(photos - inside Monica's house, and looking from the beach at Monica's house)

I fell asleep on the way back, woke up an hour into the trip and realized we were moving pretty slow. They said there was something wrong with the engine, so we had to turn back to Ha'afeva. Luckily we were really close to Ha'afeva when this happened, if it had been between island groups we could've ended up drifting! So they pulled the boat in close to the wharf, then we sat there for over an hour and a half bobbing in the waves, waiting for the tide to come in so the water would be deep enough for our boat to pull up to the little wharf. I'm sure it was quite a spectacle seeing three palangis (us and Alicia), and the others getting stranded there. Eric and Melanie's school principle recognized us from a training he'd come to, and brought us all to the catholic house on the island to wait for Eric and Melanie to get back. The younger girl that was one of the staff's neice suggested we do a prayer, and she sang a really pretty song. Then one of the Peace Corps staff did a prayer, and got pretty emotional. It was probably scary for them breaking down at sea with the little kids on board. It's not often, but once in awhile people end up drifting at sea - engine problems or more often they forget to bring enough petrol for the trip. I can't imagine going out to the open sea and not remembering to bring enough gas, but I guess it happens.
(photo - Ha'afeva island, Eric and Melanie's white house on the left)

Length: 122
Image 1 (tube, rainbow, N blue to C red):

It turned out good though, we got to see Ha'afeva and Eric and Melanie's house and spend more time with them- us and Alicia spent the night at their house. Their house is really cute, they say it's like a dollhouse and it is, with the pink trim and it's set up really nice. And they have a cute little puppy they named America, almost all of us here have puppies now! We sat and talked, and had pancakes for dinner. The next morning the staff had told us to meet at the wharf at 5:00am. We were pretty doubtful the boat would be fixed and everyone would be ready to leave that early, but we set an alarm and a couple people went and checked a little after 5:00am. And of course, it was pitch dark, the boat was still anchored far out, and no one was there. So they went to check with the staff, and they were all still sleeping! Tongans don't have the same concept of time as we do, they just tell you a time to meet but it probably won't be true, things happen when they happen here and I think it's foreign to them that we always want to know times - when things will begin or end etc. So the staff said they'd check with the boat captain, we heard we wouldn't leave until 8:00 am so went back to sleep. Then one of the kids came to the house at 7:00 am saying we need to leave now. We knew it would probably still be awhile, so went to see Eric and Melanie's school and classroom, and walked around town a little. Their village is set up really nice- everyone has fenced in, well-kept yards and there are two main streets. We got down to the wharf, and the others still weren't there but this time the boat was, we ended up leaving around 8:00. The three hour ride back was incredibly rocky, but this time I didn't get up or move around at all so I was fine.